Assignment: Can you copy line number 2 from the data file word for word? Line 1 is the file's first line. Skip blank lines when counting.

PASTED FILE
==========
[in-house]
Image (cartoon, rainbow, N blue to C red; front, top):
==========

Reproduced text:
Image (cartoon, rainbow, N blue to C red; front, top):